The defendant complied with the order of the railroad commissioners, and executed the work as ordered. As a result the plaintiff and all other persons desiring to approach his premises from the north, or to depart from them in that direction, are unable to pass across the defendant's right of way in the direct line of Henry Street, but are compelled to take a more circuitous route. The value of the plaintiff's property has been reduced by the change in the crossing about one third, to wit, $900. The residential and business portions of Bristol lie to the west and north of it.
Other material facts are sufficiently stated in the opinion.
Newell Jennings, for the appellant (plaintiff).
Benjamin I. Spock, for the appellee (defendant).
The plaintiff, upon the facts alleged in the complaint, is the owner of land bounded on one side by the right of way of the defendant, and abutting in front upon a public highway. This highway formerly crossed the defendant's tracks at grade, and extended each way therefrom some two hundred and fifty feet to a connection with another street. By means of this connection access to and egress from the plaintiff's land in either direction by means of the system of streets in that locality was afforded. The action of the defendant of which the plaintiff complains has not resulted in closing, obstructing, or impairing for use the highway adjacent to his premises. Neither the grade, character, nor serviceability of the street at that point has been affected. Access to and egress from his land can be had as freely as ever. The sole ground upon which he rests his claim for recovery is that highway access has been rendered more inconvenient than it was, in that a more circuitous route must be taken in approaching or leaving the property in one direction.
This changed condition has arisen, it is charged, by reason of the execution of a public improvement whereby the defendant, acting under and in conformity with an order of the railroad commissioners directing and defining the work, has abolished the grade-crossing described, and prevented passage across, over, or under the defendant's tracks in the line of the street upon which the plaintiff's property abuts.
The situation presented is thus in all essentials like that before this court in Newton v. New York, N. H. H.R. Co., 72 Conn. 420, 44 A. 813, and precisely the same question is involved as that passed upon in that case. It is impossible to differentiate the two cases in matters of substance, and the principle there laid down, that where highway changes result from public improvements, undertaken in the exercise of the reserved governmental powers known as the police power, occasion a landowner no other damage than to render access to his land more inconvenient than it formerly was, by reason of a more circuitous route being required to be taken, he has no right of action, precludes the plaintiff here from recovery upon the complaint demurred to.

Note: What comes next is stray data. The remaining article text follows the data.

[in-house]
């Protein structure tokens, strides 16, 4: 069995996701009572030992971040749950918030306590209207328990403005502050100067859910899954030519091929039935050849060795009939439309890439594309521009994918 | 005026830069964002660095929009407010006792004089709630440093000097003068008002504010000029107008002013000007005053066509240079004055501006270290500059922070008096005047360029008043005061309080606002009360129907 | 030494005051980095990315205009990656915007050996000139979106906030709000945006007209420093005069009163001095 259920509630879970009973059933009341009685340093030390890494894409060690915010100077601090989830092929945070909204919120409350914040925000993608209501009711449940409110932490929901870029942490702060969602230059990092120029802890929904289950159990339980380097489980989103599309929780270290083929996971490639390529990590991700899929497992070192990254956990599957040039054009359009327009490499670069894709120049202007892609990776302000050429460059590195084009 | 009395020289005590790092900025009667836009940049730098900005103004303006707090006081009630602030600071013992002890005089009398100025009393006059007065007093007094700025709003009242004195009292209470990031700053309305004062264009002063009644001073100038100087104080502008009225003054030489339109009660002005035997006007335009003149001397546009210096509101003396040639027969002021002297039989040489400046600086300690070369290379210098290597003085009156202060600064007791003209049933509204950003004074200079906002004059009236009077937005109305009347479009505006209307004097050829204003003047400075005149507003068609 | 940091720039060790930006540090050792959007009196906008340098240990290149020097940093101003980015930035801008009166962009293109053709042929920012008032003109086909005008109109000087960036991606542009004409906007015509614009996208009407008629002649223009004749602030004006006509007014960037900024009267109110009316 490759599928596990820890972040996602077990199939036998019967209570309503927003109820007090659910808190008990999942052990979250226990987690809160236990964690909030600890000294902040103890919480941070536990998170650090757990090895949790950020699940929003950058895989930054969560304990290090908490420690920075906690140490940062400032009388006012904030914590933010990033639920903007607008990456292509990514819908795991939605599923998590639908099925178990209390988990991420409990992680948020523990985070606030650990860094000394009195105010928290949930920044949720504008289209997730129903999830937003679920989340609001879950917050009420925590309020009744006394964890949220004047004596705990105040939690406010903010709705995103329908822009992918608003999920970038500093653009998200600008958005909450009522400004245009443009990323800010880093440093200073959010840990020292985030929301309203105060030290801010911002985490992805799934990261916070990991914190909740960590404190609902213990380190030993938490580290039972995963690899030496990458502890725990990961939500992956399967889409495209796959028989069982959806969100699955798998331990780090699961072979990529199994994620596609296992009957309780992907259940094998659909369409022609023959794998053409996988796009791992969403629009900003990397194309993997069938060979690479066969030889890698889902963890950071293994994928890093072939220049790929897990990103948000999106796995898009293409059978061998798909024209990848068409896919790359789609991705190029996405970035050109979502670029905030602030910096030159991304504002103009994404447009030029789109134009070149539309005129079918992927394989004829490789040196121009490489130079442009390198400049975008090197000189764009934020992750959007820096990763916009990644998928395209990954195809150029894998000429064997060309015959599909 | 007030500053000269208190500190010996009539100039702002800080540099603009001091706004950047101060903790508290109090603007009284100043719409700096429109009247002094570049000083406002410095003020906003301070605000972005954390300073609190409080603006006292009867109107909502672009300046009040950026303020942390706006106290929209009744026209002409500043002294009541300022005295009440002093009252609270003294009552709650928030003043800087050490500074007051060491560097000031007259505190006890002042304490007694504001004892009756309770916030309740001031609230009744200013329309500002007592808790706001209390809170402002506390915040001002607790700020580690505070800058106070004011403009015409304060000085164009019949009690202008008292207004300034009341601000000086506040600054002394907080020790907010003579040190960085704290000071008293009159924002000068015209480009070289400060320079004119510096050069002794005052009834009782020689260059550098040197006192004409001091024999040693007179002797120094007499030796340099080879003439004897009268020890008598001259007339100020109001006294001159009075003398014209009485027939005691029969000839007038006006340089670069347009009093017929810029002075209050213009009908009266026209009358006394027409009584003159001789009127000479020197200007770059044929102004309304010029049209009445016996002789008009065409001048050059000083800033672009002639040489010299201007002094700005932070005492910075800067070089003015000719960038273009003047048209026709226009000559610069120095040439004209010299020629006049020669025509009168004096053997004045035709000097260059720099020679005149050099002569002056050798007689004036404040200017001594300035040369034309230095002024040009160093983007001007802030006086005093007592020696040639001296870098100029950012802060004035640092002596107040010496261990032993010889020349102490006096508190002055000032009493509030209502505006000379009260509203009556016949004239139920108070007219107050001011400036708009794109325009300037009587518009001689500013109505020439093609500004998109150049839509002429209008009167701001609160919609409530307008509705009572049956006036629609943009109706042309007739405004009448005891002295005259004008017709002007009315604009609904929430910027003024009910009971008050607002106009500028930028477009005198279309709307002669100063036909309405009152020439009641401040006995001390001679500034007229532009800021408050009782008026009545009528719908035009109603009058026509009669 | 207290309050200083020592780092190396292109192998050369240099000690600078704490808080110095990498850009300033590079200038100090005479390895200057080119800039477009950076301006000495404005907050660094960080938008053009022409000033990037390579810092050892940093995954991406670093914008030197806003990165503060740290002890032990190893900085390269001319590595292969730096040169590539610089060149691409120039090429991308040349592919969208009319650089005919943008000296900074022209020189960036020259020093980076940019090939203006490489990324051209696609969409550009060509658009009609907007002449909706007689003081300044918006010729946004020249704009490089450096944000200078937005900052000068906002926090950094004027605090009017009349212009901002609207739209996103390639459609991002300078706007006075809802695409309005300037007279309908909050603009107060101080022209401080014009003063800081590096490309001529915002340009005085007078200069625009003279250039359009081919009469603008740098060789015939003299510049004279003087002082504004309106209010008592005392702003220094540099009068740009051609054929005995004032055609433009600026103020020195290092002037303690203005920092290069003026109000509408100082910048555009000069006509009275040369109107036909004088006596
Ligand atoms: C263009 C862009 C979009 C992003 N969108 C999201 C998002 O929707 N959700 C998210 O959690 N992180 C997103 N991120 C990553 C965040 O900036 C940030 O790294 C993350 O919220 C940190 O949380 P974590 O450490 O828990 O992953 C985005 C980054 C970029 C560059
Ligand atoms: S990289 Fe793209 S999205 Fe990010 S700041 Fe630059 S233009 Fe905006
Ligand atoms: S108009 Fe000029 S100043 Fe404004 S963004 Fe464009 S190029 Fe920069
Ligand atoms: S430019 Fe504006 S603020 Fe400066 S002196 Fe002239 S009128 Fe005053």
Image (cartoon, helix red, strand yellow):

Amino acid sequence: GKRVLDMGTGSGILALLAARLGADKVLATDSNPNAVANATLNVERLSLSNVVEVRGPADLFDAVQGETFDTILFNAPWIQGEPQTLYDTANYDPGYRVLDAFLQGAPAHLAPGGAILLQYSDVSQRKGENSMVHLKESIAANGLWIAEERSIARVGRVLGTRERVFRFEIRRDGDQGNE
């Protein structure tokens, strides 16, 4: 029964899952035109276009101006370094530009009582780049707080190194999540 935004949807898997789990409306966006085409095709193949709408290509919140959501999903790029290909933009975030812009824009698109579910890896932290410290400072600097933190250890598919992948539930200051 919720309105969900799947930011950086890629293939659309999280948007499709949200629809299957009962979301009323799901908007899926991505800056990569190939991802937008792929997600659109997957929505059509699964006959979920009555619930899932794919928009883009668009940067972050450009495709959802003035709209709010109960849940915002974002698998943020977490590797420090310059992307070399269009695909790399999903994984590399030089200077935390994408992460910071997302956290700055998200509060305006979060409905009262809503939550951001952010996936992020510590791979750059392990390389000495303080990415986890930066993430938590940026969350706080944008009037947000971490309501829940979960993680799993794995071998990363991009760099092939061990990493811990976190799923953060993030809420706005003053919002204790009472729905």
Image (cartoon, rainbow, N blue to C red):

It is unnecessary to repeat the reasoning of the Newton case. Its conclusion is the natural and logical consequence of the recognized relation of the sovereign, as representing the interests of society at large, to all private-property ownership. It is a part of the price paid for the social compact of organized society, that the public has reserved to it certain dominant rights over all individual property. Hollister v. Union Co., 9 Conn. 436, 444; Lane v. Harbor Commissioners, 70 Conn. 685, 698, 40 A. 1058. Acts which would be actionable, if done by an individual, frequently are not when done by authority of the sovereign power. "For the commonwealth a man shall suffer damage," is an ancient phrase expressive of this familiar principle, and our cases furnish repeated recognitions and applications of it. Hollister v. Union Co., 9 Conn. 436; Lane v. Harbor Commissioners, 70 Conn. 685, 698, 40 A. 1058; New Haven Steam Saw Mill Co. v. New Haven, 72 Conn. 276, 284, 44 A. 229, 609; Park City Yacht Club v. Bridgeport, 85 Conn. 366, 372, 82 A. 1035.